The response I received was mind boggling. State law permits investment policy provisions to be circumvented if the City invests in a County Investment Pool. Obviously, I come from the private sector and find such "loopholes" to be ludicrous. You can’t do it yourself because it runs contrary to the three basic priorities of investing: safety of principal, liquidity, and then yield. But you can have Citron stand these priorities on their head until the cows come home!

This statute must be reviewed and modified so that an investment in a County Investment Pool can not override any provision in a City’s Investment Policy if the Pool’s investments are in conflict.

For my last Look Back, see MOORLACH UPDATE — Half Empty Reserve Concerns — June 24, 2019. Have a great Independence Day!

California Senate Passes ‘Housing for Homeless,’ Bill With Penalty Component

In Sacramento, home of the state government, homelessness is up 56 percent increase in the past two years

By Katy Grimes

The Committee on Budget and Fiscal Review authored AB 101, which provides for statutory changes needed to enact the housing and homelessness-related provisions of the Budget Act of 2019.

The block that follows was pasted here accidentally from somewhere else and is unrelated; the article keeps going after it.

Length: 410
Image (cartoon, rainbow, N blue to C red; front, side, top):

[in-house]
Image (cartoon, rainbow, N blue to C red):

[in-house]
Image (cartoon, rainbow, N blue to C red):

In short, the Legislature is making legislative changes to the legislatively-created housing and homeless problem in California, according to Sen. Jim Nielsen (R-Gerber). Nielsen said, “some of those have been foisted on that community by this Legislature.”

AB 101 would require the state Office of Audits and Evaluation to audit the Community-Based Transitional Housing Program, which provides grants to cities and counties to increase the supply of transitional housing available to recent parolees, and to report the results of the audit to the Joint Legislative Budget Committee by May 1, 2020. Current law requires the Office of State Audits and Evaluations to complete the audit and to report to the Joint Legislative Budget Committee by May 1, 2019.

But if the city or county does not properly comply, punishment will come from the Attorney General.